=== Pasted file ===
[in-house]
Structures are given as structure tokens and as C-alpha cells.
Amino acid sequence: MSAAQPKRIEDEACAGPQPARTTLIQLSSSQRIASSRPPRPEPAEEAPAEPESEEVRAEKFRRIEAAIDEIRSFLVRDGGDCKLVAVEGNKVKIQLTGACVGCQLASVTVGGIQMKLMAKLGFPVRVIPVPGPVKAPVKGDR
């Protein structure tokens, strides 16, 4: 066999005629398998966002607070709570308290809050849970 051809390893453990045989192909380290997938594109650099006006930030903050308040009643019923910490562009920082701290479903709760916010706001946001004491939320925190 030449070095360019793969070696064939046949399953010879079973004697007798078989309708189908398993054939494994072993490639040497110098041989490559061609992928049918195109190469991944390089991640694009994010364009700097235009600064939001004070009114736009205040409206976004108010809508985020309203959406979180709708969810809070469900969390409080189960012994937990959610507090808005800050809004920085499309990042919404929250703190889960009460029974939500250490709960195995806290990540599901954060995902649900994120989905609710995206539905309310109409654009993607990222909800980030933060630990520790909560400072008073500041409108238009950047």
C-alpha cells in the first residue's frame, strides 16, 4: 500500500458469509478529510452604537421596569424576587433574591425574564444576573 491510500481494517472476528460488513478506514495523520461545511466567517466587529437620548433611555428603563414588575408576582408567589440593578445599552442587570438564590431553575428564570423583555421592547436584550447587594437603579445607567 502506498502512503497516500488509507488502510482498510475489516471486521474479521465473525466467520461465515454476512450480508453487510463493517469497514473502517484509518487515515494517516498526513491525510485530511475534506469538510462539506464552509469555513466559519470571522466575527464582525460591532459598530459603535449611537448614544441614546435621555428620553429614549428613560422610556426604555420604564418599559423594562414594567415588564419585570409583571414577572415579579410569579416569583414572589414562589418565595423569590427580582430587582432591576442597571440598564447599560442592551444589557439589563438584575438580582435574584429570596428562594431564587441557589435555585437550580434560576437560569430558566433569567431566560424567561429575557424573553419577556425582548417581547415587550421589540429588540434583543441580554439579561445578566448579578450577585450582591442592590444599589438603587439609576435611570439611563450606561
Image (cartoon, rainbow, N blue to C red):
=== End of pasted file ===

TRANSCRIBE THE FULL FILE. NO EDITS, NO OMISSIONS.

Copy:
[in-house]
Structures are given as structure tokens and as C-alpha cells.
Amino acid sequence: MSAAQPKRIEDEACAGPQPARTTLIQLSSSQRIASSRPPRPEPAEEAPAEPESEEVRAEKFRRIEAAIDEIRSFLVRDGGDCKLVAVEGNKVKIQLTGACVGCQLASVTVGGIQMKLMAKLGFPVRVIPVPGPVKAPVKGDR
């Protein structure tokens, strides 16, 4: 066999005629398998966002607070709570308290809050849970 051809390893453990045989192909380290997938594109650099006006930030903050308040009643019923910490562009920082701290479903709760916010706001946001004491939320925190 030449070095360019793969070696064939046949399953010879079973004697007798078989309708189908398993054939494994072993490639040497110098041989490559061609992928049918195109190469991944390089991640694009994010364009700097235009600064939001004070009114736009205040409206976004108010809508985020309203959406979180709708969810809070469900969390409080189960012994937990959610507090808005800050809004920085499309990042919404929250703190889960009460029974939500250490709960195995806290990540599901954060995902649900994120989905609710995206539905309310109409654009993607990222909800980030933060630990520790909560400072008073500041409108238009950047």
C-alpha cells in the first residue's frame, strides 16, 4: 500500500458469509478529510452604537421596569424576587433574591425574564444576573 491510500481494517472476528460488513478506514495523520461545511466567517466587529437620548433611555428603563414588575408576582408567589440593578445599552442587570438564590431553575428564570423583555421592547436584550447587594437603579445607567 502506498502512503497516500488509507488502510482498510475489516471486521474479521465473525466467520461465515454476512450480508453487510463493517469497514473502517484509518487515515494517516498526513491525510485530511475534506469538510462539506464552509469555513466559519470571522466575527464582525460591532459598530459603535449611537448614544441614546435621555428620553429614549428613560422610556426604555420604564418599559423594562414594567415588564419585570409583571414577572415579579410569579416569583414572589414562589418565595423569590427580582430587582432591576442597571440598564447599560442592551444589557439589563438584575438580582435574584429570596428562594431564587441557589435555585437550580434560576437560569430558566433569567431566560424567561429575557424573553419577556425582548417581547415587550421589540429588540434583543441580554439579561445578566448579578450577585450582591442592590444599589438603587439609576435611570439611563450606561
Image (cartoon, rainbow, N blue to C red):